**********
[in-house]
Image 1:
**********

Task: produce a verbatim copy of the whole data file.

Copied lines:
[in-house]
Image 1: